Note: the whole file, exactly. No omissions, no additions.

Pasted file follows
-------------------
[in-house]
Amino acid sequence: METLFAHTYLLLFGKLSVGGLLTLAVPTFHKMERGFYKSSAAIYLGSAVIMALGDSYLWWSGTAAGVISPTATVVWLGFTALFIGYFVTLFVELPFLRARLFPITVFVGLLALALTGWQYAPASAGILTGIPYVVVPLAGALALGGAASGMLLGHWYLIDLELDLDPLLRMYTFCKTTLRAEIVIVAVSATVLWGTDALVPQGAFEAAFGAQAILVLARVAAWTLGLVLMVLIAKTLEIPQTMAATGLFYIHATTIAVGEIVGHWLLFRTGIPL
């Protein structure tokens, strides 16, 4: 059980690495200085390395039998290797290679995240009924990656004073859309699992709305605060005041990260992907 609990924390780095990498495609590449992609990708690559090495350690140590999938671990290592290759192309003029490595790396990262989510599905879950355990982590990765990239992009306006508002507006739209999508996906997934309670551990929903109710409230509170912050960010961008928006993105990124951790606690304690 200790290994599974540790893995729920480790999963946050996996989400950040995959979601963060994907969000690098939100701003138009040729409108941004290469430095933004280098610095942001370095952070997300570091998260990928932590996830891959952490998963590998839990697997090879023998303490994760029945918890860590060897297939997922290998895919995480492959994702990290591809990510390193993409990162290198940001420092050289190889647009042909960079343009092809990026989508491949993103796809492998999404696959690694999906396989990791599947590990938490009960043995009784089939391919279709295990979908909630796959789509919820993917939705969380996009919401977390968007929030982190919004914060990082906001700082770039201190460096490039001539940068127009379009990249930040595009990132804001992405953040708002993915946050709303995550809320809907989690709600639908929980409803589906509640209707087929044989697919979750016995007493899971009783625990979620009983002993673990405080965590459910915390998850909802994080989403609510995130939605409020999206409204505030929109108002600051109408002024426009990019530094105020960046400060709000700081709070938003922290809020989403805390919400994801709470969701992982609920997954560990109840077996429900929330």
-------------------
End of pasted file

[in-house]
Amino acid sequence: METLFAHTYLLLFGKLSVGGLLTLAVPTFHKMERGFYKSSAAIYLGSAVIMALGDSYLWWSGTAAGVISPTATVVWLGFTALFIGYFVTLFVELPFLRARLFPITVFVGLLALALTGWQYAPASAGILTGIPYVVVPLAGALALGGAASGMLLGHWYLIDLELDLDPLLRMYTFCKTTLRAEIVIVAVSATVLWGTDALVPQGAFEAAFGAQAILVLARVAAWTLGLVLMVLIAKTLEIPQTMAATGLFYIHATTIAVGEIVGHWLLFRTGIPL
């Protein structure tokens, strides 16, 4: 059980690495200085390395039998290797290679995240009924990656004073859309699992709305605060005041990260992907 609990924390780095990498495609590449992609990708690559090495350690140590999938671990290592290759192309003029490595790396990262989510599905879950355990982590990765990239992009306006508002507006739209999508996906997934309670551990929903109710409230509170912050960010961008928006993105990124951790606690304690 200790290994599974540790893995729920480790999963946050996996989400950040995959979601963060994907969000690098939100701003138009040729409108941004290469430095933004280098610095942001370095952070997300570091998260990928932590996830891959952490998963590998839990697997090879023998303490994760029945918890860590060897297939997922290998895919995480492959994702990290591809990510390193993409990162290198940001420092050289190889647009042909960079343009092809990026989508491949993103796809492998999404696959690694999906396989990791599947590990938490009960043995009784089939391919279709295990979908909630796959789509919820993917939705969380996009919401977390968007929030982190919004914060990082906001700082770039201190460096490039001539940068127009379009990249930040595009990132804001992405953040708002993915946050709303995550809320809907989690709600639908929980409803589906509640209707087929044989697919979750016995007493899971009783625990979620009983002993673990405080965590459910915390998850909802994080989403609510995130939605409020999206409204505030929109108002600051109408002024426009990019530094105020960046400060709000700081709070938003922290809020989403805390919400994801709470969701992982609920997954560990109840077996429900929330």